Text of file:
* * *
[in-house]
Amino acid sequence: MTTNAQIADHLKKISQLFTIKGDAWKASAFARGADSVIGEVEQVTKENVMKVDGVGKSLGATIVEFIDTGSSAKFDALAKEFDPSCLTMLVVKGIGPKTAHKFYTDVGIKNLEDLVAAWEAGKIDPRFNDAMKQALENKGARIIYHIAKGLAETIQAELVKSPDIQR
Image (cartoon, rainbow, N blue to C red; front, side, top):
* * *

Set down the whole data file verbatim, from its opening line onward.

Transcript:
[in-house]
Amino acid sequence: MTTNAQIADHLKKISQLFTIKGDAWKASAFARGADSVIGEVEQVTKENVMKVDGVGKSLGATIVEFIDTGSSAKFDALAKEFDPSCLTMLVVKGIGPKTAHKFYTDVGIKNLEDLVAAWEAGKIDPRFNDAMKQALENKGARIIYHIAKGLAETIQAELVKSPDIQR
Image (cartoon, rainbow, N blue to C red; front, side, top):